“For my family, they are so excited. Right in the backyard,” Allen said. “It’s something you only hear about in stories. Not really something we even thought could happen, so now that it happened is really just a blessing and a dream come true.”

Though he hasn’t even played a game with the team, Allen has already embraced his position in the community and given back to the area that he calls home, visiting the Capital Area Food Bank and assisting with its charitable operations.

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2. He’s a part of the Redskins’ new defensive plan.

As the team’s first defensive selection in the first round since linebacker Ryan Kerrigan in 2011, acquiring Allen as the 17th overall pick in the 2017 NFL Draft was the first step in head coach Jay Gruden’s defensive revitalization.
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First Season With The Redskins: Jonathan Allen
“You talk about upgrading your defense, well you have to pick a guy high. You have to take the best at the position, and he’s the best defensive lineman we thought in the draft,” the head coach said.

“We like his size, we like his strength, we like his ability to rush the passer, play the run,” he continued. “He’s a very versatile guy – he can play all the positions on defensive line. Really, never in a million years did we think he would be there at 17, but we’re happy-as-heck he was. There was not a lot of debate in there – we put the card in and took a heck-of-a football player and a great person.”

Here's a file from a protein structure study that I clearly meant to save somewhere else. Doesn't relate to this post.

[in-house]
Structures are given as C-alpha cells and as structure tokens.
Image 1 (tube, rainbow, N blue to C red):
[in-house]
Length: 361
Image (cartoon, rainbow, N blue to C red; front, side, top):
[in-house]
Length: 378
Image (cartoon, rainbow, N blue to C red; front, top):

Allen is prepared to contribute to the rebuilding of the Redskins defense in any role that he can.

“As a football player, I just want to be out there. That’s the most important thing for me,” Allen said. “So, where ever the coaches tell me to play at that’s where I’m going to go play at and do it effectively.”

3. He played varsity basketball in high school.

As a student at Stone Bridge High School in Ashburn, Va., Allen was a two-sport athlete, playing football and basketball.

“You knew he was a good athlete,” said Stone Bridge High School head football coach Mickey Thompson. “You just didn’t know if he was a football player or basketball player.”

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Allen grew both in size and as an athlete, and his dominant sport soon became clear. His football success, however, was not immediate. The current defensive lineman played at wide receiver and defensive back before moving to the line. After honing his craft here, though, Allen was unstoppable.

As a senior, he recorded 119 tackles with nine sacks, six fumble recoveries, eight pass breakups, six blocked kicks and seven pass breakups. The 2012 Virginia Gatorade High School Player of the Year was a five-star recruit and nationally ranked 11th at defensive end among the Class of 2013.

4.He had an award-winning collegiate senior year.

Allen ascended the defensive line ranks at Alabama, standing out as a star player his senior season.